Economic Statecraft
The Chronicles of Technological Warfare
Valdai Discussion Club Conference Hall, Tsvetnoy Boulevard 16/1, Moscow, Russia
List of speakers

On April 13, the Valdai Club hosted an expert discussion, titled “The Global Chip Race: What Will Be the Outcome for Russia, the US and China?”, timed to coincide with the release of the new Valdai Paper “The US CHIPS and Science Act and Its Impact on Russia’s High-Tech Sector”. Discussion moderator Ivan Timofeev, programme director of the Valdai Club, noted that this law is an example of how changes in the regulatory framework of the United States can have global consequences, including in China and Russia, since US export controls cover the vast majority of the high technology sector.

One of the authors of the Paper, Stanislav Tkachenko, head of the master's programme in Diplomacy at St. Petersburg University, after briefly analysing the possible causes and consequences of the adoption of the law, outlined its possible impact on Russia. He considers attempts to create a network of ties with other states aimed at neutralising the negative impact of American policymaking to be a natural reaction on the part of Russia. Here we are talking not only about ties with China - the number of partners needs to be expanded as much as possible. “In the long term, the United States would like to break away from its competitors even further, but we see that the sanctions that are directly laid down in the law do not work,” Tkachenko said.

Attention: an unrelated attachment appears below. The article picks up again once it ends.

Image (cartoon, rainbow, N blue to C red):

Another author of the Paper, Andrei Terekhov, head of the system programming department of the Faculty of Mathematics and Mechanics at St. Petersburg University, said that until recently, neither the state nor private customers wanted to pay for the development of software production tools; both ordered final products. According to him, this created many problems, including security risks. Now such orders have begun to arrive, he said. Speaking about the production of chips in Russia, Terekhov stressed that the loss of the ability to import microcircuits from Taiwan has also created a serious incentive for the development of such production.

Nelson Wong, vice president of the Shanghai Centre for Strategic and International Studies, called what is happening a technological war against China, the largest importer of chips in the world. He acknowledged that China is lagging behind America in chip development, but expressed confidence that China will be able to catch up with its main competitor. In his opinion, the American law provided China with a serious impetus to create its own industry. Unfair competition is a game that can turn against the United States itself, Wong is convinced. “The Americans are digging a hole for themselves, trying to stop China,” he concluded.

Ruslan Yunusov, co-founder of the Russian Quantum Centre, suggested that American attempts to move the production of chips and technological equipment to the country and bans on scientific and technological cooperation with Russia and China resemble preparations for a full-fledged war. In particular, in the event of a war over Taiwan, the chip market will collapse and production will stop. China is taking similar measures to build an internal, autonomous system for the production of chips in response. At the same time, if the confrontation remains at an economic level, the prospects of the parties in the long run will directly depend on the huge number of people in the market. Thus, much may depend on which side India and Africa take.